With a stroke of a pen, and encouragement of members of the Oklahoma congressional delegation, members of FERC - the Federal Energy Regulatory Commission - approved a permanent variance for Grand Lake.
The decision, which came right on the heels of the mid-August deadline, was released by FERC late Tuesday, Aug. 15.
In the ruling, FERC said the amendment request to the Grand River Dam Authority's operating license for Pensacola Dam and Grand Lake would be granted through the remainder of the current operating license which goes until March 2022.
The previous rule curve which GRDA officials sought to amend had been in place since 1992.
The new amendment means for the next six years, GRDA officials will not be required to lower Grand Lake from 744 to 741 feet starting in mid-August. Instead, the lake will be lowered to 743 feet and remain steady at that level until mid-September, when it will be lowered to 742 feet until next May.
GRDA Chief Executive Officer Dan Sullivan said he is "very pleased" with FERC's decision.
"I'm glad it's final," Sullivan said following the decision. "[FERC] made it just in time.
"This will allow us to hold the elevation of Grand Lake at a level that is much safer for recreation not only during the busy Labor Day holiday but throughout the latter portion of the boating season.”
Sullivan said he's relieved the decision means GRDA officials no longer have to make an annual plea to FERC for a rule curve amendment.
"We've been engaged in this discussion for several years," Sullivan said. "There are better ways of dealing with wildlife mitigation issues, which showed the drawdown wasn't needed before Labor Day.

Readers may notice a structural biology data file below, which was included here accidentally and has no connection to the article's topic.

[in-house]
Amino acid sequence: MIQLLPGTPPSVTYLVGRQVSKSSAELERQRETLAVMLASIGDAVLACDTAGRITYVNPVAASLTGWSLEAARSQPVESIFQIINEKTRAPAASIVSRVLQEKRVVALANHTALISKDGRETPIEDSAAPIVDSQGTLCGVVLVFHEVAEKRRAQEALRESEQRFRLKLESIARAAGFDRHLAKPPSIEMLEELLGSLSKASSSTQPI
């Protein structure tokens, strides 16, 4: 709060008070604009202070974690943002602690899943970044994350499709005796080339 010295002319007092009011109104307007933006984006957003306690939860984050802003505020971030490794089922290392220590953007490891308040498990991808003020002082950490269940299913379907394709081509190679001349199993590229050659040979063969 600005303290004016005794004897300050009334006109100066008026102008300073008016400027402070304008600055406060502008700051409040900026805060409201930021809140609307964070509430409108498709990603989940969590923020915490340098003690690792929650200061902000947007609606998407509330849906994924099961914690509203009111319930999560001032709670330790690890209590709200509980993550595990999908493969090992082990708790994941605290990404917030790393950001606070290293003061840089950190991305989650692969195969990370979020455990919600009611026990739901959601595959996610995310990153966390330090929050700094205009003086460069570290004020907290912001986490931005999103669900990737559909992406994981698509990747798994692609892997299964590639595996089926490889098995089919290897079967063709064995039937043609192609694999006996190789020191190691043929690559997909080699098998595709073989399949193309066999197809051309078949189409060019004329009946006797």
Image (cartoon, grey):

"This was a relic of the past, that didn't benefit anyone. It was a distraction and detrimental for both lake users and public safety.
"We're not planting millet anymore, so why risk public safety."
Sullivan said he believes FERC made the decision about the variance, came for several reasons.
First, he said, the five-member commission received a quorum - the first in six months - after two commissioners appointed by President Donald Trump were approved, and sworn into their positions last week due to action by the U.S. Senate.
“We are also very appreciative of Senator [James] Inhofe, not only for his support of our amendment request but also his efforts in restoring a quorum to FERC,” said Sullivan.
Secondly, Sullivan believes discussions with stakeholders in Miami and in the northern part of the lake, concerning storm adaptive management and other issues, showed FERC how GRDA officials work with people to manage the entire landscape of Grand Lake.
Sullivan said GRDA officials continue to seek "long-term solutions" concerning the lake level issues, which provides operational control over the lake, while "balancing all other stakeholder concerns of hydroelectric generation, flood control and recreation."
Watch www.grandlakenews.com and Tuesday's issue of The Grove Sun for reaction from various stakeholders concerning the FERC decision.